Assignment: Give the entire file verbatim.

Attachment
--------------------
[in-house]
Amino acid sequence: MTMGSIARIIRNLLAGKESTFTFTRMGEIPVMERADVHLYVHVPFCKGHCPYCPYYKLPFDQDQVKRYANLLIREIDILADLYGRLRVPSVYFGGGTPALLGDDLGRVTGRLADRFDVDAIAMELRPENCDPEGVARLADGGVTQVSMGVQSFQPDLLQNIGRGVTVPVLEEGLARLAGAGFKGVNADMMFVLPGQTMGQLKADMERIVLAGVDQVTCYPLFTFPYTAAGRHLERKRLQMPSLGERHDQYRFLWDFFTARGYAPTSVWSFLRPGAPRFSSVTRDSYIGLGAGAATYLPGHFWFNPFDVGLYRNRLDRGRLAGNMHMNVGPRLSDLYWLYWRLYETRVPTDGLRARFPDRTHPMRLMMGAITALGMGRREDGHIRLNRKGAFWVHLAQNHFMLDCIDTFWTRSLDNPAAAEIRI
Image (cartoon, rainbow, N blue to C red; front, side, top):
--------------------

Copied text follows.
[in-house]
Amino acid sequence: MTMGSIARIIRNLLAGKESTFTFTRMGEIPVMERADVHLYVHVPFCKGHCPYCPYYKLPFDQDQVKRYANLLIREIDILADLYGRLRVPSVYFGGGTPALLGDDLGRVTGRLADRFDVDAIAMELRPENCDPEGVARLADGGVTQVSMGVQSFQPDLLQNIGRGVTVPVLEEGLARLAGAGFKGVNADMMFVLPGQTMGQLKADMERIVLAGVDQVTCYPLFTFPYTAAGRHLERKRLQMPSLGERHDQYRFLWDFFTARGYAPTSVWSFLRPGAPRFSSVTRDSYIGLGAGAATYLPGHFWFNPFDVGLYRNRLDRGRLAGNMHMNVGPRLSDLYWLYWRLYETRVPTDGLRARFPDRTHPMRLMMGAITALGMGRREDGHIRLNRKGAFWVHLAQNHFMLDCIDTFWTRSLDNPAAAEIRI
Image (cartoon, rainbow, N blue to C red; front, side, top):